In this manner, each individual optical receiver 1 is capable of selectively receiving a required light signal at a wavelength of λj, out of all the incoming WDM signals. Therefore, when increasing a channel count to be multiplexed in the WDM signals, it only needs to add a required number of optical receivers 1 with the same construction as that of FIG. 1 in place of the optical terminating device 2. As a result, at initial installation of the WDM system it is no longer required to prepare an expensive optical demultiplexer with an unnecessarily great number of ports, and it is possible to add a required number of optical receivers 1 as the needs arise, thereby flexibly accommodating increase (or decrease) in number of combined channels in the WDM signals, so that the cost of initial installation of the WDM transmission apparatus and the WDM transmission system can be greatly reduced. Further, it is also possible to give the apparatus and the system the flexibility in changing channel spacing of WDM signals on the sender end even after installation of the system.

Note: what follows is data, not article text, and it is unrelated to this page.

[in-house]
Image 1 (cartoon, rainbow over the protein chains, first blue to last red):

In addition, if the variable-wavelength transmitting unit 11 is given a transmittable wavelength bandwidth that is narrower than channel spacing of WDM signals and also slightly wider than the spectral width (signal wavelength width) of an individual signal on each channel, the central wavelength of light passing through the variable-wavelength transmitting unit 11 is adaptively tuned by the AGC circuit 16 to follow a target optical transmission channel, so that noise light, such as ASE light or the like, is efficiently prohibited entering the optical receivers 1, thereby improving receive sensitivity. Here, it is to be noted that the phrase “slightly wider than the signal wavelength width” means “being equal to or greater than a spectral width (−20 dB wide) such that the optical receive sensitivity of the optical receiver 1 is not deteriorated by 20 dB or more.